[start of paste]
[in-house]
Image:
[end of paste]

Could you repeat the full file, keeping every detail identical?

[in-house]
Image: